Solar energy is not the future. It is the present. All over the United States and all over the world, people are either taking the initiative themselves and installing solar power systems for their homes or businesses, or they are pushing their governments at all levels to fund solar projects through tax incentives. Yes indeed, it is an exciting time to be in the sustainable energy business.
Look at the labels on your appliances. This will help you understand where your usage is going and why? It will also identify areas or appliances where you can make savings by better use of the appliances.
Beware of “greenwashing.” Many fashion companies like to claim that their clothes are green, but they may be jumping on the green bandwagon while actually harming the earth. For example, many companies are touting bamboo this and bamboo that, since the public perception is that bamboo is green. But not all bamboo is created equal. True, the plant is renewable, but forests and animal habitats are being cleared to make way for some plantations.
In many countries tax breaks or credits are available for those who install sustainable energy electricity generation equipment. In the USA, the government and IRS have issued tax breaks or credits for DIY home solar panels for years as an incentive to reduce bulk energy consumption and focus people on sustainable energy sources. No doubt these incentives will increase as the need to move away from carbon intensive forms of electricity generation increase.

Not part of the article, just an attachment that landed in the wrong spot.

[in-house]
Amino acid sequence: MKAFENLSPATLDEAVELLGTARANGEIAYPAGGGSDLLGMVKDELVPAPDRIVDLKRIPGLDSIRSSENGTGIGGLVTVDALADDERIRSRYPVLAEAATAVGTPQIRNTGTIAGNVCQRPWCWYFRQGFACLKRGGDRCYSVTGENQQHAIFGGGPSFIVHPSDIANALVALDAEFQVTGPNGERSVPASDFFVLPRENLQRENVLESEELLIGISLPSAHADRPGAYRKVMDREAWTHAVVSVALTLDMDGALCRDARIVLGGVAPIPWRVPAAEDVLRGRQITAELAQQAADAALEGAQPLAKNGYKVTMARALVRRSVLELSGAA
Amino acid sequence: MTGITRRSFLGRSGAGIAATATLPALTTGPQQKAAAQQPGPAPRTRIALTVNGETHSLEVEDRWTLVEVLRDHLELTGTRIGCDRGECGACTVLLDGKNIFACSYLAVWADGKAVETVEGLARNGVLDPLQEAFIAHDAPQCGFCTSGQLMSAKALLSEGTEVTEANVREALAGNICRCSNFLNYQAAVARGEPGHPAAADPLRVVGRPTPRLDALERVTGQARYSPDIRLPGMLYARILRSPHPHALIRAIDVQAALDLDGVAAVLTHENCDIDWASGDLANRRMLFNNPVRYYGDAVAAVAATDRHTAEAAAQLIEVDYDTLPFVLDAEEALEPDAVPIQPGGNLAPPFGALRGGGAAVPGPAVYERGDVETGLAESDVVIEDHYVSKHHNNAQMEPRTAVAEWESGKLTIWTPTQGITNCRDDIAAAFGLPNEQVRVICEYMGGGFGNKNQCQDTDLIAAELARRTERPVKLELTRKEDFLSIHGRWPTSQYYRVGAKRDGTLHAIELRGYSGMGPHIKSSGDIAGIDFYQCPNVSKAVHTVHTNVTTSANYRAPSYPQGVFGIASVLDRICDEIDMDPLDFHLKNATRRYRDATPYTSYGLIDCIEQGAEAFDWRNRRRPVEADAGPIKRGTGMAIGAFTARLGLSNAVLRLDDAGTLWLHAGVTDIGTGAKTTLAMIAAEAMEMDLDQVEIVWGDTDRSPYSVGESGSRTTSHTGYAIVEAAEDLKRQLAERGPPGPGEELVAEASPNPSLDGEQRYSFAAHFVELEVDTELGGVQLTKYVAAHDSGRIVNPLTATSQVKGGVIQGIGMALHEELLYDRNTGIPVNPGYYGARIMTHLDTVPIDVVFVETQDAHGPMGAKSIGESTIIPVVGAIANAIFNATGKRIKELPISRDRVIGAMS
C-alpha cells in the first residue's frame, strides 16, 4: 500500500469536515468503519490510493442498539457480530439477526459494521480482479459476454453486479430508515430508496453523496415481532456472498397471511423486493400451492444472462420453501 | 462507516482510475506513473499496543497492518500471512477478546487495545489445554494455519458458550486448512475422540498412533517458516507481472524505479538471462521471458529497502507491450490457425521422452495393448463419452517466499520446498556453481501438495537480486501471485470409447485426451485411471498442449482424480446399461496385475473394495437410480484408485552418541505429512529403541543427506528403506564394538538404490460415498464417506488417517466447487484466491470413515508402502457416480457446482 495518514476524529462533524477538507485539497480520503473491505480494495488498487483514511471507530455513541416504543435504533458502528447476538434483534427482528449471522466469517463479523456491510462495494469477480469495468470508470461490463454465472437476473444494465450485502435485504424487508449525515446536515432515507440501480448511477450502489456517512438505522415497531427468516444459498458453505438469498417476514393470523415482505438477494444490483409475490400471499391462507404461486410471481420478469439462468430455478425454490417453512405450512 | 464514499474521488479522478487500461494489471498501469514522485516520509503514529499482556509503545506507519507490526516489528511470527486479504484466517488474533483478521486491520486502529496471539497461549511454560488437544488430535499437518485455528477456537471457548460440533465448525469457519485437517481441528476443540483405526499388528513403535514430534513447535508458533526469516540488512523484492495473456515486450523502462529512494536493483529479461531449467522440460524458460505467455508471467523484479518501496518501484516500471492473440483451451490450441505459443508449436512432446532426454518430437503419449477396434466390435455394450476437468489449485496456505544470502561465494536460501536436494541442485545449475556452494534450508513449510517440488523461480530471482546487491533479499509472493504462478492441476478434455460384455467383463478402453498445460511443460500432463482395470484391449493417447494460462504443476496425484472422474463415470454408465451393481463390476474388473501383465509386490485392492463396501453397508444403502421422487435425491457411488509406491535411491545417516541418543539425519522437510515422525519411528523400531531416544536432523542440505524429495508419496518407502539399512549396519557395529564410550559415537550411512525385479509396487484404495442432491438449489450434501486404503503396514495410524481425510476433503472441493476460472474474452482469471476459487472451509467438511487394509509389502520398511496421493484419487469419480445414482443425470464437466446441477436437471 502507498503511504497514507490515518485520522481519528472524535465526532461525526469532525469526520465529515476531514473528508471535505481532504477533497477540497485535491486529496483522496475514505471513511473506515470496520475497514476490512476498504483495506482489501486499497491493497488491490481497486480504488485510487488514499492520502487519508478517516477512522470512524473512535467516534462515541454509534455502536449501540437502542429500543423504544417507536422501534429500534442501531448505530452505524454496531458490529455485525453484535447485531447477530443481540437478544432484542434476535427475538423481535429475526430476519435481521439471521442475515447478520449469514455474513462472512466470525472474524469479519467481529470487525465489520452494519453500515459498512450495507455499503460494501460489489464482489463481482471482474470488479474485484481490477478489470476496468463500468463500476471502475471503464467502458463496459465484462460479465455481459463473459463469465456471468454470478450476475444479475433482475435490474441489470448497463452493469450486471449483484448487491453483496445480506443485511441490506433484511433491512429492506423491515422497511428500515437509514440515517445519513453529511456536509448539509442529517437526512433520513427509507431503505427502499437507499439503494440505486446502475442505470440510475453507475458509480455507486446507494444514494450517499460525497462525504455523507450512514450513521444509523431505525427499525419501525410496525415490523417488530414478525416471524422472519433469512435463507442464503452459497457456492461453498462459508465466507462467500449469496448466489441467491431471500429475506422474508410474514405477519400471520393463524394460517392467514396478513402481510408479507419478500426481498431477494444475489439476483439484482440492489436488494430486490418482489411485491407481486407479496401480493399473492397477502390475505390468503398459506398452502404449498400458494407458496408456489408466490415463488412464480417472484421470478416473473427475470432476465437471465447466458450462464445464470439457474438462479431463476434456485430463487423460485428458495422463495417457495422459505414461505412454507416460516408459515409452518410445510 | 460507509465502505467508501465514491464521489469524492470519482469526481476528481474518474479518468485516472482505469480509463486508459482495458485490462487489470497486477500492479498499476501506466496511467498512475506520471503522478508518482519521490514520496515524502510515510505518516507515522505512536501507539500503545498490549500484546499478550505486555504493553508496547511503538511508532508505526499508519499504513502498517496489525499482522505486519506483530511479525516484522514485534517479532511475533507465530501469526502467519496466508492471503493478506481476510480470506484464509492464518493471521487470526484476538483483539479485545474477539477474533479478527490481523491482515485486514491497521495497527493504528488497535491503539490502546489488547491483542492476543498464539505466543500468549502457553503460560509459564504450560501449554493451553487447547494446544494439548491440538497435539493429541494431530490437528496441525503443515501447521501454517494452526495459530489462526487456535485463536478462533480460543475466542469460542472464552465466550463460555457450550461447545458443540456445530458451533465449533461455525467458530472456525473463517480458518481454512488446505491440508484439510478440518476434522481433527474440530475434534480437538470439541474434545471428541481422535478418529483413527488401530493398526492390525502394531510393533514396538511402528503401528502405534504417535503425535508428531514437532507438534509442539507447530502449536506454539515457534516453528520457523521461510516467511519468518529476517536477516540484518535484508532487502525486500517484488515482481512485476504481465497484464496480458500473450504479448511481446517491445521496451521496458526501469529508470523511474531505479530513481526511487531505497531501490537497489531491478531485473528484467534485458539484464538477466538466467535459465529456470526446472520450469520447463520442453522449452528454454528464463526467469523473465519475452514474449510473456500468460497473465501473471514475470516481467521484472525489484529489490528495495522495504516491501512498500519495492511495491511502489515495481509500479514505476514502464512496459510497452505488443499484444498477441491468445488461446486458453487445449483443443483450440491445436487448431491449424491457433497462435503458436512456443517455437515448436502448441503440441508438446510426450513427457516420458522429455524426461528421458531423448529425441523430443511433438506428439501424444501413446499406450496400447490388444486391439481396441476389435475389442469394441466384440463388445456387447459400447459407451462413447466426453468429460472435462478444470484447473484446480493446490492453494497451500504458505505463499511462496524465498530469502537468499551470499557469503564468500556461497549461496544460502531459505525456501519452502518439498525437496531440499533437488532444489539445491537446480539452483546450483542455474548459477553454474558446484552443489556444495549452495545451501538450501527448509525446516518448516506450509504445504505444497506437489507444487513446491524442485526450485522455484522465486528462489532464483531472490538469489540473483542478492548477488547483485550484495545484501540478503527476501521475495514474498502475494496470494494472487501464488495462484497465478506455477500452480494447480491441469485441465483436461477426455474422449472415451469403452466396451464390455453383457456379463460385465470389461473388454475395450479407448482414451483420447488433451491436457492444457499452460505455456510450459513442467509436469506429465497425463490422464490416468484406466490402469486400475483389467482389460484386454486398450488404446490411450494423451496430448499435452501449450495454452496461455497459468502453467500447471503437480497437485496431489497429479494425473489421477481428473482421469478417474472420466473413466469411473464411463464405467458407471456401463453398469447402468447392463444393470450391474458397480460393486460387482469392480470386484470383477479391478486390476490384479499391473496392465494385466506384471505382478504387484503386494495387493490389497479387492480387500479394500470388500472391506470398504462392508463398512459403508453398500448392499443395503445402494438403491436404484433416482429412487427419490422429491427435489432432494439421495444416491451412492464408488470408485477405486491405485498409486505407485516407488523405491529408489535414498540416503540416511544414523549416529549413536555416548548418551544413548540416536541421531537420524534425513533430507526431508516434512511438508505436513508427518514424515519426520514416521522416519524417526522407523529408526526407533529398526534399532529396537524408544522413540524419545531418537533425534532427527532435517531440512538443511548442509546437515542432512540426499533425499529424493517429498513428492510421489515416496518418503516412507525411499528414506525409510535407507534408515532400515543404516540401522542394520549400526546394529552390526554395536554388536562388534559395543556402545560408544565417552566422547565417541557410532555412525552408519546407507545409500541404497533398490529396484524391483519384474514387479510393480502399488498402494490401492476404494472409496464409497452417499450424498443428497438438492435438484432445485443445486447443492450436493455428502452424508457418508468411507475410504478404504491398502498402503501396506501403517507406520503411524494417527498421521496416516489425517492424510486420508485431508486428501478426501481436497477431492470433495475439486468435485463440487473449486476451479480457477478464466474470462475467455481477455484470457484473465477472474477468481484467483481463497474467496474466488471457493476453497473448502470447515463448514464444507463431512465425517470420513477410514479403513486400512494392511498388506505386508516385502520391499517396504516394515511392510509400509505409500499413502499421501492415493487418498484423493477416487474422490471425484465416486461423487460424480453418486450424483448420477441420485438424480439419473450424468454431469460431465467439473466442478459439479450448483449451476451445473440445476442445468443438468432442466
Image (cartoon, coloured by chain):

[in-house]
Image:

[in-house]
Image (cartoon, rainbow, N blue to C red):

A single hydropower dam can produce a lot of electricity, but a single wind turbine cannot. Why? Well, the water rushing through a dam is condensed under the weight of itself. When it is released into the generator shutes, it also runs at a near vertical angle to maximize the speed of the water and generator cranking output. With wind, both of these factors are non-existent. One cannot really harness the wind to really power up a wind turbine. Instead, one has to install dozens and even hundreds of turbines to generate significant amounts of electricity. As you might imagine, this can cause problems.
Private developers-Private developers who want to make a good investment can also capitalize off biomass. When you pick the right setting, you can build a fully functional biomass power plant. Once it’s all completed, you sell it to someone else who is in the business of running them. You make a profit. They get the plant they wanted. Everyone stands to gain.
It can take years to build the dams for a hydroelectric plant to start operating though. Many people who live in the vicinity of a proposed hydroelectric plant are not happy about it either. They worry about flooding and they often find their homeowner’s insurance goes up due to that possibility.